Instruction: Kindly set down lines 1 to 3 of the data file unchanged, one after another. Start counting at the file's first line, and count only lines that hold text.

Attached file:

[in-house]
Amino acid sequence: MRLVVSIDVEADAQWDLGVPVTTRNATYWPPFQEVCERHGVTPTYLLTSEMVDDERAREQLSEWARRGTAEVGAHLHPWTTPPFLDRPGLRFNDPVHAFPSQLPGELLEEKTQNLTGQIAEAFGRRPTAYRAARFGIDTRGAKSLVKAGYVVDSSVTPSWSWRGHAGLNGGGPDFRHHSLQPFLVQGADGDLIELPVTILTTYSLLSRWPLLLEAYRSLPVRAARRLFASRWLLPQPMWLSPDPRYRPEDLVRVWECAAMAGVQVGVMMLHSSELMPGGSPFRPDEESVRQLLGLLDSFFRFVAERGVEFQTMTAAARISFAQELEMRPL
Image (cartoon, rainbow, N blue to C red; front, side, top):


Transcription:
[in-house]
Amino acid sequence: MRLVVSIDVEADAQWDLGVPVTTRNATYWPPFQEVCERHGVTPTYLLTSEMVDDERAREQLSEWARRGTAEVGAHLHPWTTPPFLDRPGLRFNDPVHAFPSQLPGELLEEKTQNLTGQIAEAFGRRPTAYRAARFGIDTRGAKSLVKAGYVVDSSVTPSWSWRGHAGLNGGGPDFRHHSLQPFLVQGADGDLIELPVTILTTYSLLSRWPLLLEAYRSLPVRAARRLFASRWLLPQPMWLSPDPRYRPEDLVRVWECAAMAGVQVGVMMLHSSELMPGGSPFRPDEESVRQLLGLLDSFFRFVAERGVEFQTMTAAARISFAQELEMRPL
Image (cartoon, rainbow, N blue to C red; front, side, top):